Learn early on what you can and cannot do to solve constituents’ problems. Ask them to send emails describing their concerns specifically to help you know where to find solutions. But don’t promise more than you can deliver. Know when to draw the line and where to send them for answers to keep from getting caught in the middle of issues between constituents and agencies. And always follow through to make sure they were served.
Look for opportunities to engage citizens, for example, with invitations to a Day at the Capitol, surveys, newsletters and by attending community meetings. Write a column for your weekly newspaper or a blog, and send email blasts when a big vote is coming up. Schedule regular town meetings and coffee klatches at a local restaurant. Pop into local cafes. Keep this in mind: You were elected by a majority of voters, but you represent all citizens.
4. Get Smart
Develop a specialty in a policy area that interests you and your constituents, or look to fill a void. Then team up with the experts. Give clear instructions to bill drafters, and examine the bills you introduce thoroughly, making sure your facts are correct. Focus on your committee work, since this is where the in-depth work on bills is done. Do your homework, and you’ll build your credibility. Don’t commit too early to other people’s bills.
Understanding state budgeting is vital for all lawmakers, but different than anything you’ve encountered in the private sector. It is driven by service, not profit. Seek help in understanding the budget from staff and veteran legislators.
Speak out when necessary and relevant. Market your ideas to leaders, other members and the media. Listen to those with experience and expertise, including staff.
Build relationships with the media and lobbyists by being honest and forthcoming, and by avoiding any grandstanding. The press may want a good story, but you don’t have to be the one to give it to them. Most lobbyists respect the legislative institution and want to protect it. Take advantage of their wealth of facts and information, but recognize they represent only one point of view.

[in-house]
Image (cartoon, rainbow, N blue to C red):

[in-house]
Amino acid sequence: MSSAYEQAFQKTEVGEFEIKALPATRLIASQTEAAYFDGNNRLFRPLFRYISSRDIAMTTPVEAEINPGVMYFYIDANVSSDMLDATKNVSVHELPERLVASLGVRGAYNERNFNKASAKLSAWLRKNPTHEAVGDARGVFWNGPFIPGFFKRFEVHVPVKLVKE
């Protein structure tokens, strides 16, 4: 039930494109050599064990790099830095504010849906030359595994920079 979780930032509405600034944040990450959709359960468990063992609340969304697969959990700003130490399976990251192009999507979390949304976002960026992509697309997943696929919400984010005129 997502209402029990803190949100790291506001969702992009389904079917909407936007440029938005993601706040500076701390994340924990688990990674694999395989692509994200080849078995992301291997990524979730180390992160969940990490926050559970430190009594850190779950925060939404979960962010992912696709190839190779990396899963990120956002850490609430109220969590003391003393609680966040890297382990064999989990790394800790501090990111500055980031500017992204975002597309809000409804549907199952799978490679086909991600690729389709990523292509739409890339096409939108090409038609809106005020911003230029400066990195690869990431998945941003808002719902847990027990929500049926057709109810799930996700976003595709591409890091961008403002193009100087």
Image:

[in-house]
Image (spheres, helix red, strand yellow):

5. Avoid Freshman Traps
Be aware of first impressions. Fair or not, opinions form early about what kind of legislator you will be. Too many freshmen introduce bills with great ideas of how to spend state money, but with no idea of where the money will come from.
“One of the hardest lessons for new legislators to learn is that long-term vision is the primary mover of policy success,” says Indiana House Speaker Brian C. Bosma (R). “Legislators tend to think in two-year terms and two-year budget cycles, but the greatest gains come when a long-term vision is consistently pursued.”
When taking positions and making decisions, draw a line between the needs of your constituents and personal relationships with colleagues and lobbyists. Avoid a quid-pro-quo mentality. Exchanging votes is banned in all legislatures.
6. Final Thoughts
Leave the legislature as strong or even stronger than you found it. You are part of a special and distinguished group. Approach the job with humility, openness and an experience to be valued, and you will do well. Most of all, be grateful for the incredible opportunity and honor to serve the public.
“Find some quiet time to collect your thoughts and gain appreciation for your experience as a legislator,” says Berger. She goes early to the capitol and walks the vacant halls. “In the quiet of the morning, I absorb the history of the building. It reinforces why I chose to run and serve.”
Peggy Kerns, a former Colorado legislator, directs the Ethics Center at NCSL.